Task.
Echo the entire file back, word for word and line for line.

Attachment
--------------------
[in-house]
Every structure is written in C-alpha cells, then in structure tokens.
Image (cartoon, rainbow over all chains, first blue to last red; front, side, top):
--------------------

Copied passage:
[in-house]
Every structure is written in C-alpha cells, then in structure tokens.
Image (cartoon, rainbow over all chains, first blue to last red; front, side, top):